Have you noticed that your motor is pulling more amps than you expected? Consider that the seal you use may be causing performance problems! Even if you remove the inner spring (if so equipped) on the seal, and even with grease lubrication a new seal may be so tight on the shaft that it will require considerably more amperage for the motor to spin it up. When assembling, spin the greased shaft with your fingers to check the resistance. It does not need to be tight on the shaft to keep the grease in, it just needs to be snug. And you want it barely snug - it shouldn't be able to spin freely.

It will free up on it's own with enough use - but being lubed with water on one side and grease on the other this may take a long time to happen. You can fix this easily enough by wrapping sandpaper around a suitable drill bit chucked into a drill. Insert it into the seal and spin it 5-10 seconds, then remove and try it on the shaft it until it lowers the resistance to a comfortable level. If you go a little too much you can re-install the inner spring to snug it up. I've had to do this to both a 35 and a 45mm pump and it made a remarkable difference in performance. Definitely worth checking out considering the possible increase in speed and longevity of batteries.
Jun 25, 2021, 09:42 AM
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Re-opening of the FJD thread (sticky)


Michael (UnusualRC) now has the telemetry and data gathering equipment to properly test and evaluate the different parts of the FJD. He has my Proboat Recoil with the 45mm FJD in it as a test bed.
He has also been bitten by the 3D printer bug! and has a new Prusa printer with which he can make the new parts as he tests them. This has been a long time coming and now we can get some hard data on the different stator outlets, impeller pitches, etc. and make this drive truly one of the best - if not the best available. We have re-opened the FJD thread (sticky) for posting related info. Thoughts and comments are welcomed - this should be quite an interesting subject. Sdg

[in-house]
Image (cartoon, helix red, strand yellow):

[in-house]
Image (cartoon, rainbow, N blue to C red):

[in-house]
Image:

Jun 25, 2021, 10:46 AM
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It took me a while to find time to pick up the project again.
Now I have and can use Dave's Recoil 26 as a test-bed.

You might know the original Recoil 26 as brought out by Pro-boat, features a 3S set-up with a surface prop and motormount cooled outrunner.
Total weight was 1400 grams/3.0 pounds

I have added FrSky telemetry sensors to this model. I have put them in a waterproof (not submersible, but keeps most pray out) clear plastic tray.
Here are the sensors:
  • RPM
  • Current (A)
  • Total lipo voltage (V)
  • Voltage per individual cell (V)
  • GPS longitudal, latitudal, height
  • GPS speed (KPH)
  • motor temperature (C)



This hull with the 45mm FJD, 4092 inrunner (1250kV) and 4S set-up (2x 2S 8Ah) hits 2600 grams/almost 6 pounds!
Keeping it float is the main goal here. I have another 2S battery to make it a 6S set-up, however it does not fit in, nor does the deck stay above water when I tried...



4S is fine, since the maximum theoretical (unloaded) RPM is around 20.000 rpm.

Thanks to kayaker (Robin) I got data from different motors and battery counts, which I am very grateful of.
Still testing myself was the goal, and finally I did some testruns with Dave's original set-up.

Started on 4S (8Ah and 30C), 40mm pitch impeller (out of nylon 12) and 33mm stator exit diameter housing. Here is the video including telemetry data.
Special note about the GPS sensor. It is a copy you will find in most smartphones, so not particulary accurate (speed 0.1 m/s). That day it had a 0.5 second delay I did not compensate in the movie.
Reason is the boat simply does not want to run in a straight line with the CoG on the original position. Putting it more up front does make it go better in a straight line, yet steering is terrible to the level of almost no control at lower speeds, extremely aggressive at high speeds. In despite dual rate set to a lower value.